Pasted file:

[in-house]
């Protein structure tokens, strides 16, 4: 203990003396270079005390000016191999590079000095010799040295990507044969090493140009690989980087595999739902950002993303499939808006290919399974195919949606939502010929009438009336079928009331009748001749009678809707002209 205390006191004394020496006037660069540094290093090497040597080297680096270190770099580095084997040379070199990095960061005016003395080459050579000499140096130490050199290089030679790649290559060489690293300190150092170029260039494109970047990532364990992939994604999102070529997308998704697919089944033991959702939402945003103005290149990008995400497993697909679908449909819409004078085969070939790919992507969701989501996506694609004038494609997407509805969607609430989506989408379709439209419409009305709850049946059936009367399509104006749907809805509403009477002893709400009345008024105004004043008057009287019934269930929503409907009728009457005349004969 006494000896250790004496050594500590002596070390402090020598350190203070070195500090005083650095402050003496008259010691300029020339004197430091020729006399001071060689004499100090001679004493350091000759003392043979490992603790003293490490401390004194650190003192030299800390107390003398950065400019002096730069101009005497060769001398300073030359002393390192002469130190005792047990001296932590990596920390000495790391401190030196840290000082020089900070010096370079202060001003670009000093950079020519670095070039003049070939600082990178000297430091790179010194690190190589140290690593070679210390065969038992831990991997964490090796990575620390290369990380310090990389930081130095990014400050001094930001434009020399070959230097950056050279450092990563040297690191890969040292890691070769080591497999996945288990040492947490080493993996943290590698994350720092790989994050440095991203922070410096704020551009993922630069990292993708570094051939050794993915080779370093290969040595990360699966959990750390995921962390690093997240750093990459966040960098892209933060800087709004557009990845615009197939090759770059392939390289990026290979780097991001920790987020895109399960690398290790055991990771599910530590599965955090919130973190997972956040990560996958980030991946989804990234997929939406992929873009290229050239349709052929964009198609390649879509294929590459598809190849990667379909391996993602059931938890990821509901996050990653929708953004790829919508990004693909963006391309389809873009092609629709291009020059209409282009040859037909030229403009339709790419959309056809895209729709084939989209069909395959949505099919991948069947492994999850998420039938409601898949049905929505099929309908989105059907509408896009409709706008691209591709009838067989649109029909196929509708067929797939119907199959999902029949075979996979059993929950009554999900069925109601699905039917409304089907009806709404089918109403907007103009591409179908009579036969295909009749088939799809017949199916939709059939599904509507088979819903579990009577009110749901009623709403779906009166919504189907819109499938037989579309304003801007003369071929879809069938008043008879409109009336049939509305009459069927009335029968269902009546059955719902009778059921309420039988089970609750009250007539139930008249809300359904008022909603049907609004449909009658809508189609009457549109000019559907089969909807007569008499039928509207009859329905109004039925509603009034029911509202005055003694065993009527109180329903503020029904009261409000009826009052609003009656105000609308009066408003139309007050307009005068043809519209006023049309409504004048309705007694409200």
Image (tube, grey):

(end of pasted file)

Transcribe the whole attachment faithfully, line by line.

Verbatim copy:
[in-house]
């Protein structure tokens, strides 16, 4: 203990003396270079005390000016191999590079000095010799040295990507044969090493140009690989980087595999739902950002993303499939808006290919399974195919949606939502010929009438009336079928009331009748001749009678809707002209 205390006191004394020496006037660069540094290093090497040597080297680096270190770099580095084997040379070199990095960061005016003395080459050579000499140096130490050199290089030679790649290559060489690293300190150092170029260039494109970047990532364990992939994604999102070529997308998704697919089944033991959702939402945003103005290149990008995400497993697909679908449909819409004078085969070939790919992507969701989501996506694609004038494609997407509805969607609430989506989408379709439209419409009305709850049946059936009367399509104006749907809805509403009477002893709400009345008024105004004043008057009287019934269930929503409907009728009457005349004969 006494000896250790004496050594500590002596070390402090020598350190203070070195500090005083650095402050003496008259010691300029020339004197430091020729006399001071060689004499100090001679004493350091000759003392043979490992603790003293490490401390004194650190003192030299800390107390003398950065400019002096730069101009005497060769001398300073030359002393390192002469130190005792047990001296932590990596920390000495790391401190030196840290000082020089900070010096370079202060001003670009000093950079020519670095070039003049070939600082990178000297430091790179010194690190190589140290690593070679210390065969038992831990991997964490090796990575620390290369990380310090990389930081130095990014400050001094930001434009020399070959230097950056050279450092990563040297690191890969040292890691070769080591497999996945288990040492947490080493993996943290590698994350720092790989994050440095991203922070410096704020551009993922630069990292993708570094051939050794993915080779370093290969040595990360699966959990750390995921962390690093997240750093990459966040960098892209933060800087709004557009990845615009197939090759770059392939390289990026290979780097991001920790987020895109399960690398290790055991990771599910530590599965955090919130973190997972956040990560996958980030991946989804990234997929939406992929873009290229050239349709052929964009198609390649879509294929590459598809190849990667379909391996993602059931938890990821509901996050990653929708953004790829919508990004693909963006391309389809873009092609629709291009020059209409282009040859037909030229403009339709790419959309056809895209729709084939989209069909395959949505099919991948069947492994999850998420039938409601898949049905929505099929309908989105059907509408896009409709706008691209591709009838067989649109029909196929509708067929797939119907199959999902029949075979996979059993929950009554999900069925109601699905039917409304089907009806709404089918109403907007103009591409179908009579036969295909009749088939799809017949199916939709059939599904509507088979819903579990009577009110749901009623709403779906009166919504189907819109499938037989579309304003801007003369071929879809069938008043008879409109009336049939509305009459069927009335029968269902009546059955719902009778059921309420039988089970609750009250007539139930008249809300359904008022909603049907609004449909009658809508189609009457549109000019559907089969909807007569008499039928509207009859329905109004039925509603009034029911509202005055003694065993009527109180329903503020029904009261409000009826009052609003009656105000609308009066408003139309007050307009005068043809519209006023049309409504004048309705007694409200």
Image (tube, grey):